After an impressive film, Godhi Banna Sadharana Mykattu, director Hemanth Rao hits a crossroad (Kavaludaari) with a whodunit tale, set in the emergency period. It revolves around the missing priceless jewels dating back to Vijayanagara dynasty and the murder of an archeological officer along with his wife and his 10-year-old daughter.
At the outset, the crossroad is well laid with no visible technical humps or potholes, but the reel problem lies in its tale which is way beyond one’s wildest imagination. In short, it is the mother of all coincidences even when cinematic liberty is taking into account.
Right from the innovative camera work towards showcasing two different timelines — one set in the 70s and the other being the present day, in a single frame, the honest effort speaks for itself and deserves appreciation. That apart, the rest of the journey on this crossroad is unrideable and unimaginable.
For instance, when skeletons are found near an under-construction flyover, the protagonist’s curiosity, who is a traffic sub inspector, takes him back to the emergency period wherein an archeological officer is murdered along with his family. Thereafter the whodunit tale starts pouring with numerous suspects as per the case diary which Shyam, the protagonist portrayed by Rishi manages to lay his hand on.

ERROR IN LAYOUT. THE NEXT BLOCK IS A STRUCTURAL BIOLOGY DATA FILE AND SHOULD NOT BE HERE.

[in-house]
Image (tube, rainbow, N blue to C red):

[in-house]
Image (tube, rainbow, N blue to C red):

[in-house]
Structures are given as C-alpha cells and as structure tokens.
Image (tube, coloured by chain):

In between, a journalist helps uncover the truth even as Shyam traces the police officer who had probed the murder case before he quit in the middle after losing his wife and his daughter in a road mishap.
Hemanth’s Kavaludaari is more like a well presented dish but tasteless when eaten. When Shyam and a former police officer (portrayed by the impeccable Anant Nag) finally finds out who the real killer is, the further revelations will blow the sane minds.
The biggest shock of all comes in the end with the coincidence of Shyam’s connection with that of the murdered archeological officer, who had saved a person’s life before his end....